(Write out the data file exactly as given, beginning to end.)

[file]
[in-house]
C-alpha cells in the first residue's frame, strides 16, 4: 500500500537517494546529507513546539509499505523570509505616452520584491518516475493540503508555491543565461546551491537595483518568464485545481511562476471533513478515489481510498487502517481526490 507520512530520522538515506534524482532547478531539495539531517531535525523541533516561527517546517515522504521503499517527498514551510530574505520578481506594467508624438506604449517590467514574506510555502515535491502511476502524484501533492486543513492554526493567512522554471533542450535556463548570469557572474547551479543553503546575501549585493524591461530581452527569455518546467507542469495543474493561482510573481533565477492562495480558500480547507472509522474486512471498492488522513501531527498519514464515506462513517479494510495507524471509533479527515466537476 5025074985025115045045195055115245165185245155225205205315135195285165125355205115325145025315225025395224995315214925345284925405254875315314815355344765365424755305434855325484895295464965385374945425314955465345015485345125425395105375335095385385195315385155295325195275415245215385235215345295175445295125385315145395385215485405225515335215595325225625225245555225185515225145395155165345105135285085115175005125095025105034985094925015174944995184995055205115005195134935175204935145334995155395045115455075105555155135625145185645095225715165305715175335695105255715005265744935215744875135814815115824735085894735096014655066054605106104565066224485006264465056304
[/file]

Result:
[in-house]
C-alpha cells in the first residue's frame, strides 16, 4: 500500500537517494546529507513546539509499505523570509505616452520584491518516475493540503508555491543565461546551491537595483518568464485545481511562476471533513478515489481510498487502517481526490 507520512530520522538515506534524482532547478531539495539531517531535525523541533516561527517546517515522504521503499517527498514551510530574505520578481506594467508624438506604449517590467514574506510555502515535491502511476502524484501533492486543513492554526493567512522554471533542450535556463548570469557572474547551479543553503546575501549585493524591461530581452527569455518546467507542469495543474493561482510573481533565477492562495480558500480547507472509522474486512471498492488522513501531527498519514464515506462513517479494510495507524471509533479527515466537476 5025074985025115045045195055115245165185245155225205205315135195285165125355205115325145025315225025395224995315214925345284925405254875315314815355344765365424755305434855325484895295464965385374945425314955465345015485345125425395105375335095385385195315385155295325195275415245215385235215345295175445295125385315145395385215485405225515335215595325225625225245555225185515225145395155165345105135285085115175005125095025105034985094925015174944995184995055205115005195134935175204935145334995155395045115455075105555155135625145185645095225715165305715175335695105255715005265744935215744875135814815115824735085894735096014655066054605106104565066224485006264465056304